The continuing fall in Kiwi kids’ performance in the OECD Programme for International Student Assessment (PISA) study shows the damage being inflicted by National’s cuts to education and one-size-fits-all approach, says Labour’s Education spokesperson Chris Hipkins.
“For years, National has starved our schools of funding. This is the result.
A big focus of my leadership of the Labour Party has been about creating more opportunities for young people. It’s only by giving people the freedom to achieve their goals that we can ensure they get a shot at the Kiwi dream.
If you look at the policies we’ve launched in the last two years – three years free tertiary education, dole for apprenticeships, building 100,000 affordable homes for first home buyers, entrepreneur grants for young people – they’re about creating opportunities for people that they increasingly don’t have under the current government.
The announcement today by the Minister of Education, Hon Hekia Parata, that Redcliffs School will be returning to Redcliffs, will be greeted with delight by the community, says Ruth Dyson Member of Parliament for Port Hills.
The National government is ploughing ahead with a plan to legislate for the introduction of online schools against official advice and despite being presented with research that shows online schooling models overseas have weaker results than their traditional counterparts, Labour’s Education spokesperson Chris Hipkins says.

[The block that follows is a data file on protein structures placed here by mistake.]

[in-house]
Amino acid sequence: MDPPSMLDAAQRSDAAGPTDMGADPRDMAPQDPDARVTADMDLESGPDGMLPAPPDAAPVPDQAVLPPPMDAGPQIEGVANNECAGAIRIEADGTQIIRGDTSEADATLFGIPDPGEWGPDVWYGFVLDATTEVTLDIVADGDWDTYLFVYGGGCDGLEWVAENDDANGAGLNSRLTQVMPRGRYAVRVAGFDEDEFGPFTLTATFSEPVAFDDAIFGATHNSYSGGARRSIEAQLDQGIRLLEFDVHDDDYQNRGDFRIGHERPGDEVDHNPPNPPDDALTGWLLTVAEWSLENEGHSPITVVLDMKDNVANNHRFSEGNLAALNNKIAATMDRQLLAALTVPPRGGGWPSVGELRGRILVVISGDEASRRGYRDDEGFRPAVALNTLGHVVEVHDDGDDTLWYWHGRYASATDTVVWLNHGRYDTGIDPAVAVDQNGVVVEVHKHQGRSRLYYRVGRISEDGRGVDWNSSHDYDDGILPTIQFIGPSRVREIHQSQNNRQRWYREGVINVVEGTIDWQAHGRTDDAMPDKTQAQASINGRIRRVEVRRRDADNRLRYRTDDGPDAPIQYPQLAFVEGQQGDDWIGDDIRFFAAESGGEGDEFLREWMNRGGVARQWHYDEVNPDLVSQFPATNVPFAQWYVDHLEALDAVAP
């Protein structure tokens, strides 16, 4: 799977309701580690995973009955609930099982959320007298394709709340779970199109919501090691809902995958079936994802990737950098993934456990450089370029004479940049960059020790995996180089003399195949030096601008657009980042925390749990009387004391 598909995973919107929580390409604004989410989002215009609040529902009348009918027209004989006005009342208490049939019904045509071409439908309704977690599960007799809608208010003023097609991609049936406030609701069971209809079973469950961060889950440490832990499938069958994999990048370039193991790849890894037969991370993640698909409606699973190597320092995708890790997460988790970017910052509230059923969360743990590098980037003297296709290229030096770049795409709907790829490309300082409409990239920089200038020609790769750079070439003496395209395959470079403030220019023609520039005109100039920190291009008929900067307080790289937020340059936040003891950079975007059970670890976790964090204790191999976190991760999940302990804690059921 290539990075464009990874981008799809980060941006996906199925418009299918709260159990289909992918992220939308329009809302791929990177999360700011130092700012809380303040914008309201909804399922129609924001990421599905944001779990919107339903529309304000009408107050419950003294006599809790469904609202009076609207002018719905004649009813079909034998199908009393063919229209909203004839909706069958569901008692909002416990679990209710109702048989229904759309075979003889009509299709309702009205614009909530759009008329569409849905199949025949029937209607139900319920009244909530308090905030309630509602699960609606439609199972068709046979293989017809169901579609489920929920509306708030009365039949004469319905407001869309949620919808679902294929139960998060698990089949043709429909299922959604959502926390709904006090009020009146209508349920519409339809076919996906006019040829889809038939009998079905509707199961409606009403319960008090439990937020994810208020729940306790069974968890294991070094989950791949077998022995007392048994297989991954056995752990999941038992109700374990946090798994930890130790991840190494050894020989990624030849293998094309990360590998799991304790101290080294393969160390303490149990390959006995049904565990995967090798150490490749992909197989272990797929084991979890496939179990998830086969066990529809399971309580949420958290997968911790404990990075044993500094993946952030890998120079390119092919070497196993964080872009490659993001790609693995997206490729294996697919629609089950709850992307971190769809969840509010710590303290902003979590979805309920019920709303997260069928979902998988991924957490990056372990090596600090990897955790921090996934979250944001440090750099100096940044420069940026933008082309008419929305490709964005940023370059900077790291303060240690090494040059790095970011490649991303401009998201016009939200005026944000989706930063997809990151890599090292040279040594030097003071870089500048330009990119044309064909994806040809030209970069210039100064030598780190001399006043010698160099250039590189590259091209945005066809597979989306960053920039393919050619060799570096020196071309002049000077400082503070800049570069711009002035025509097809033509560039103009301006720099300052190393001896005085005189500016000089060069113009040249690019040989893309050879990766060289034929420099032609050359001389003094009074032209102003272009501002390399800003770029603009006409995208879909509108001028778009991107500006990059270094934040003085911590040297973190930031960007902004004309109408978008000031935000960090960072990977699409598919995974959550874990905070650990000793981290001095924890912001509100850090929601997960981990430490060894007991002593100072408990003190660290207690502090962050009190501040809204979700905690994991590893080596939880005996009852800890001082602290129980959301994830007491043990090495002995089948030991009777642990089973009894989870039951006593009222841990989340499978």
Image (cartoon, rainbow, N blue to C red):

“The National government are rushing to legislate for online schools, or COOLs as they call them, without knowing how they will work, how they will be funded, how they will be quality assured, or whether they will actually deliver any better outcomes than the existing school system.
As charter schools prepare to receive another round of bonuses and the National-Act Government confirms the opening of two new schools, documents quietly released by the Ministry of Education highlight major issues around their performance, Labour’s Education spokesperson Chris Hipkins says.
“Information we’ve received shows four of eight charter schools have been explicitly identified as being non-compliant with their contracts in some areas and seven are not meeting aspects of their performance standards.
Education Minister Hekia Parata might be trumpeting the latest student attendance figures but she’s kept remarkably quiet about the corresponding truancy rates, Labour’s Education spokesperson Chris Hipkins says.
“Tackling truancy was one of National’s major commitments in 2008 - in fact they claimed they would put $4 million towards it - yet they’ve done little to solve what is one of the most pressing issues in education.